Guest Post – Emma Farley: a journo’s life outside the city
October 26, 2010 2 Comments
It’s the second guest post in a Wannabe Hacks double-whammy and – from the Freelancer’s neck of the woods – Emma Farley tells us whether living outside the big cities is really that troublesome. Make up your own mind whether her journey so far has been or will be enough…
When I was 15 I decided that I wanted to be a film journalist.
I had it all figured out.
I genuinely believed that by the time I was 25 I would be making a living writing about film. As my 23rd birthday approaches, I’m still optimistic enough to believe that my dreams could come true by the time I reach that 25th milestone. However, compared to most other journalism graduates and film geeks, I’m at a major disadvantage… I’m Cornish.
I knew it would be difficult being based in the South West but I tried to make a hopeful and enthusiastic start…
At 16 I started writing for my local film magazine, Movie Magic, as well as the website Talking Pictures. I also did a week’s worth of work experience at my local paper. After completing my A Levels in Film, Media and English, I went to Cornwall College to study Newspaper and Magazine Journalism and topped-up my foundation degree at Marjon University where I achieved a first-class degree in Writing for the Media.
Work experience was vital and I was determined to prove to myself and others that I could write about film in Cornwall. I wrote for university magazines and newspapers, did some PR for the Cornwall Film Festival and joined DVD Times as a contributor (later known as The Digital Fix). By the time my final semester had ended I was also writing for service-based Suite101.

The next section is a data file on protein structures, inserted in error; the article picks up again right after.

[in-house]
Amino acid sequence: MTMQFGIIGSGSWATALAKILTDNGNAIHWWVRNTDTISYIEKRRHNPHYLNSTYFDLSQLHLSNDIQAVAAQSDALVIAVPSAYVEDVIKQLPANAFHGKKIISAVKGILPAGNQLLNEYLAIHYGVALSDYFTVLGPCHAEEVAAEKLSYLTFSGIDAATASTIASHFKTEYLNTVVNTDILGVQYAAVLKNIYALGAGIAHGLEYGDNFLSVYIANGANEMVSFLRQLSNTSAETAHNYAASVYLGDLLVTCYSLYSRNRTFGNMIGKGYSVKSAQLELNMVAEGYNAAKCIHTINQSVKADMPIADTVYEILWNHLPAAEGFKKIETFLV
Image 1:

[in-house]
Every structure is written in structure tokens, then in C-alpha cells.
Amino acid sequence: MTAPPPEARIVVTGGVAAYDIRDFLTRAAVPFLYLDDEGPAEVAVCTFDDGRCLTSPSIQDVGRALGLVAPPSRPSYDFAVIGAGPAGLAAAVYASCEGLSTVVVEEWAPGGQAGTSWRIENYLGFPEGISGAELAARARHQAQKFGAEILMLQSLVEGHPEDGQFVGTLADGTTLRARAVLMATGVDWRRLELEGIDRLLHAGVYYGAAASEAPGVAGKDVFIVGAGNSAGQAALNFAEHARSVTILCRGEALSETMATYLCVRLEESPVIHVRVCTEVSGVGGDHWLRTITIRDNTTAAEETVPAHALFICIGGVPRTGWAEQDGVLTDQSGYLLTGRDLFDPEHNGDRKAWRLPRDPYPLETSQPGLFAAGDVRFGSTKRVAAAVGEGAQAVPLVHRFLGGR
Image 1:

My first post-Uni “job” was work experience with BBC Blast in Penzance. Not long after I became co-presenter of their new program, The A-List Movie Show and eventually ended up in a paid internship for filmdirecting4women.
My internship finished last week and I have nothing else lined up at the moment. I’m not worried about rushing into something just for the sake of giving up my job in retail and moving out. I’d rather wait for the perfect job to come up and use my spare time to write more.
Sure, only a handful of people currently make a living writing about film and, yes, there are very few opportunities for people working in the media outside of London. Apparently, approximately 70 media graduates are applying for each position and more and more young people are having to work for free in order to get their name published.
It’s not the best time to be a journalism graduate but I strongly believe that passion is underrated and eventually the perfect opportunity will arise for me based in Cornwall, even if I have to create it for myself. I’ve already thought about launching my own magazine and/or website and I don’t think it’s all that naïve to think that being passionate, determined and hard-working will get me a long way